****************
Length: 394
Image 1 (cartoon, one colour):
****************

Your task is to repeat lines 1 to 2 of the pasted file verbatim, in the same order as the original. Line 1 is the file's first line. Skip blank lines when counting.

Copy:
Length: 394
Image 1 (cartoon, one colour):